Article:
Modern Italian Social Theory
Modern Italian Social Theory
Pareto, when studied at all, is generally interpreted in two apparently mutually exclusive ways. Economists regard him as a classical liberal, who made important contributions to the theory of rational choice underlying the defence and analysis of market mechanisms. Sociologists and political theorists, by contrast, tend to dismiss his ideas as crude and illiberal - as attacking the role of reason and democracy in politics, and exalting the use of force by an elite to impose its will on the populace. 1 The two images are said to correspond to different periods of his life. The first belongs to the early phase when, as an engineer and later a captain of industry, he threw himself into the movement for free trade. The second resulted from disillusionment at the frustration of his early hopes. An exile and recluse in Switzerland, he became the bitter and cynical commentator and dissector of contemporary events. The two divergent views are thereby reconciled by the thesis of an historical break between the early and the late Pareto. 2
This chapter challenges this view by exploring the development of his sociology in the context of his political opinions and involvements. 3 If disappointment with Italian politics is indeed the key to his sociological thought, then the ideals of the early period repay study by providing the background to his later criticisms. This constitutes the first section of this chapter. I then turn, in section two, to the examination of his system to show how the principles of his economic liberalism governed those of his sociology. Finally, in section three, I demonstrate the continuity between the supposed two Paretos, revealing how his use of the insights of the Trattato to describe political developments from the First World War to his death in 1923, echoes his analysis of events before the war.
I claim that the similarity between Pareto's earlier and later views derives from the conceptual scheme he employed to interpret human behaviour. Pareto's liberal principles led him to shrink the political spectrum drastically, reducing all human activity to certain sharply-defined and contestable types - essentially 'rational' or'irrational'. These categories were then enshrined within his sociology. This, in turn, had the effect of legitimizing a particular form of political practice - namely fascism. Pareto's development thereby illustrates the central issue of this book - namely, the nature of the relationship between social theory and political action.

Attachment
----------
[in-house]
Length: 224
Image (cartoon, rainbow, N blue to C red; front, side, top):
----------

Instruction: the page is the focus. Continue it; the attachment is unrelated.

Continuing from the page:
THE POLITICS OF PARETO'S SOCIOLOGY
Pareto was born in Paris in the year of liberal revolutions, 1848. His father, the Marquis Raffaello Pareto, had been exiled from Genoa to France in 1835 or 1836 for his Mazzinian opinions, and had taken a French wife. An amnesty enabled him to return in 1855. A civil engineer, he rose to high rank in the service of the Piedmontese (later Italian) government. Pareto followed his father's career, graduating in engineering in 1869 with a thesis on 'The fundamental principles of equilibrium in solid bodies', which inspired a number of his later ideas on economics and sociology. He was appointed a director of the Florence branch of the Rome Railway Company in 1870 and held this post until 1874, when he became managing director of the Società Ferriere d'Italia.
During these years he increasingly took part in political debates as an ardent supporter of universal suffrage, republicanism, free trade and disarmament. Borkenau and H. Stuart Hughes regard his later debunking of humanitarian and democratic ideas as a reaction to his father's Mazzinian beliefs. Yet, as Finer has pointed out, there is no evidence for this interpretation. 4 On the contrary, he was plainly attracted by these ideas, regretting the 'inauspicious circumstances' that led to his being born in France rather than Italy, and regarding someone opposed to t